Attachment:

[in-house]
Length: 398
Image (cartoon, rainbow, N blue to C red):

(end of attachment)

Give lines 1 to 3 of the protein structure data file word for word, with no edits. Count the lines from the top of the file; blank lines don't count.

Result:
[in-house]
Length: 398
Image (cartoon, rainbow, N blue to C red):